If a single-point-of-failure person under notice had "not been available" to hand over a business-critical system to me, I'd be getting the company to apply a lot more pressure (e.g. termination due to gross misconduct; because it's unprofessional, and would damage the company). So TRWTF is Jackie allowing it to get to Brian's last day without having received a handover, and having only raised the issue to management once.
Jackie definitely should have escalated this again when Brian said "Let me finish some refactoring first", which (for a single-point-of-failure person leaving the company) should be setting off all kinds of alarm bells.
That was my thought too. The last thing I would want to hear from someone about to hand me a bunch of code because they are literally leaving the organization is "Let me finish some refactoring first." Now if its "here's is the code as you can see we have pretty good test coverage, I am not on any projects so I'll create a branch and do some refactoring that is been needed and you merge what you will when you are ready." that is is different.
Just "Let me finish some refactoring first." in the best case means here I'll turn over the project to you after having introduced a number of mysterious bugs.
Yeah, the WTF is not going to your boss repeatedly and say that Brian hasn't been in contact with you, he keeps putting things off, and let THEM deal with it. Not wait until the last minute and then hope he tells you, because at that point you're being thrown into the deep end with literally nothing. And yes, "let me finish some refactorings" when the code isn't readily available to see what is being done is a HUGE red flag.
Depends on the terms of the termination. Employee may have been fired for (insert reason here), and they disagreed with the reason and/or were victimized into resigning. In that case, I sure as cotton wouldn't want to help with my replacement. Tell me how replaceable I was, boss.
Or shoot, I'll help on a contractual basis, $(weekly income) per 8hr day, overtime extra, minimum one day paid in advance; and ensure I spend at least a few weeks "helping" them.
And then... what? At least finish the damn story! :(
Also, I agree with what has been said: If I where to take over some projects from a guy who's leaving in 2 weeks, I would do just about anything to get in conact ASAP. If said guy is never available, doesn't respond to emails or phone calls, I sure as hell would involve the bosses. And not only once, if the first "hey, Brian still hasn't been in contact with me" didn't have the desired result... it's ME who's responsible for everything after Brian is gone, after all. And if I'm responsible I want to know what exactly I am responsible for.
The entire thing is a WTF before we even hear the final answer (I'm guessing Stored Procedures, SSIS, and SQL Server Jobs). It makes no sense.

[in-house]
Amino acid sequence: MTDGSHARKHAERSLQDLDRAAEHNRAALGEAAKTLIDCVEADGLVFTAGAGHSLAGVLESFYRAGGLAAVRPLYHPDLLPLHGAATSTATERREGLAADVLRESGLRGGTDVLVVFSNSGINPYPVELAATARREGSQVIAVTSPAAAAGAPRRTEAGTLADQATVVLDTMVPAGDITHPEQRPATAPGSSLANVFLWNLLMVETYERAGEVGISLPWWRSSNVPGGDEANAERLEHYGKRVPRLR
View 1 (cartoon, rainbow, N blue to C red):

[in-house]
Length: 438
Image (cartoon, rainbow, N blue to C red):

"Jackie returned to his desk to examine the library. Its codebase lacked comments. It contained an if-statement body that failed to fit vertically on his 23" monitor. But worst of all, there were no test cases to be found.
"There are test cases for the application that also cover the library," Brian revealed in the bathroom some time later. But access to CONLAB's application code remained out of reach."
So if the application code is out of reach, WTF was he looking at in the library that had "codebase lacking comments" and the huge IF ?????
From what I understand, there is a codebase for a library (accessible, but undocumented), and one for the application (not accessible, and probably not existant at all).
My vision for the second part: the application never existed, and Brian spent his time hidden to try to develop in a rush an application for he was doing by hand all this time. So in next episode, Jackie will discover that, suddenly, a full new application, timestamped on the day Brian left, will appear in the serverl, badly written, not working, not documented, and blah blah...
There is no more to the damn story. Instead they finish with (what they think is) a cliffhanger, hoping for our imagination to fill in the best, or worst, to make it more than the original material warrants.
Unfortunately, that's quite the pattern on this site (with various authors).
"HR is pleased to announced the resolution of the recent IT issue involving Jackie and Brian, and the exciting launch of a new auxiliary website! Turns out, all that was needed was to replace an O with a U and a N with a M!!! Corporate expects great things and all prospective team members may participate by showing up at the 3rd floor men's room anytime day or night."
that part about "updating the databases manually for years" reminds me of an older story, i think it was called "the fully automated manual system": the company had hired someone to copy their files onto a different format or type, using their "secret automated system"...which turned out to be a bunch of minimum-wage workers copying everything BY HAND! what gave them away? too many typos.